The Polygonaceae are a family of flowering plants known informally as the knotweed family or smartweed—buckwheat family in the United States. The name is based on the genus Polygonum, was first used by Antoine Laurent de Jussieu in 1789 in his book, Genera Plantarum; the name may refer to the many swollen nodes the stems of some species have, being derived from Greek, poly meaning'many' and gony meaning'knee' or'joint'. Alternatively, it may have a different derivation, meaning'many seeds'; the Polygonaceae comprise about 1200 species distributed into about 48 genera. The largest genera are Eriogonum, Coccoloba and Calligonum; the family is most diverse in the North Temperate Zone. Several species are cultivated as ornamentals. A few species of Triplaris provide lumber; the fruit of the sea grape is eaten, in Florida, jelly is made from it and sold commercially. The seeds of two species of Fagopyrum, known as buckwheat, provide grain; the petioles of rhubarb are a food item. The leaves of the common sorrel are eaten as a leaf vegetable.
Polygonaceae contain some of the worst weeds, including species of Persicaria and Polygonum, such as Japanese knotweed. Polygonaceae are well-defined and have long been universally recognized. In the APG III system, the family is placed in the order Caryophyllales. Within the order, it lies outside of the large clade known as the core Caryophyllales, it is sister to the family Plumbaginaceae. The last comprehensive revision of the family was published in 1993 by John Brandbyge as part of The Families and Genera of Vascular Plants. Brandbyge followed earlier systems of plant classification in dividing Polygonaceae into two subfamilies and Polygonoideae. Since 1993, the circumscriptions of these two subfamilies have been changed in light of phylogenetic studies of DNA sequences. Genera related to Coccoloba and Triplaris were moved from Polygonoideae to Eriogonoideae; the genus Symmeria does not belong to either of these subfamilies because it is sister to the rest of the family. Afrobrunnichia might constitute a new subfamily as well.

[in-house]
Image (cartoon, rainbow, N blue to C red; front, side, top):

Brandbyge wrote descriptions for 43 genera of Polygonaceae in 1993. Since a few more genera have been erected, some segregates of Brunnichia and Persicaria have been given generic status in major works; some of the genera were found not to be monophyletic and their limits have been revised. These include Ruprechtia, Chorizanthe, Aconogonon, Polygonum and Muehlenbeckia. Most Polygonaceae are perennial herbaceous plants with swollen nodes, but trees and vines are present; the leaves of Polygonaceae are simple, arranged alternately on the stems. Each leaf has a peculiar pair of sheathing stipules known as an ochrea; those species that do not have the nodal ochrea can be identified by their possession of involucrate flower heads. The flowers are bisexual and actinomorphic, with a perianth of three to six sepals. After flowering, the sepals become thickened and enlarged around the developing fruit. Flowers lack a corolla and in some, the sepals are petal-like and colorful; the androecium is composed of three to eight stamens that are free or united at the base.
The ovary consists of three united carpels. The ovary is superior with free-central placentation; the gynoecium terminates in 1 to 3 styles. As of March 2019, Plants of the World Online accepted 56 genera: Aconogonon Rchb. – now included in Koenigia Homalocladium L. H. Bailey – now included in Muehlenbeckia Parapteropyrum A. J. Li – now included in Fagopyrum Polygonella Michx. – now included in Polygonum Rubrivena M. Král – now included in Koenigia The following phylogenetic tree is based on two papers on the molecular phylogenetics of Polygonaceae. Polygonaceae In: FNA volume 5 In: Family List In: Flora of North America At: eFloras Polygonaceae In: Genera Plantarum At: Genera Plantarum At: Search At: Botanicus.org List of Genera in Polygonaceae At: Polygonaceae At: Caryophyllales At: Angiosperm Phylogeny Website At: Missoure Botanical Garden Website List of genera in family Polygonaceae At: Dicotyledons At: List Genera within a Family At: Vascular Plant Families and Genera At: About the Checklist At: World Checklist of Selected Plant Families At: Data Sources At: ePIC At: Scientific Databases At: Kew Gardens List of genera At: Polygonaceae At: List of families At: Families and Genera in GRIN At: Queries At: GRIN taxonomy for plants non-core Caryophyllales At: Caryophyllales At: Root of the Tree At: Tree of Life web project Polygonaceae In: Flowering Plants Polygonaceae in L. Watson and M.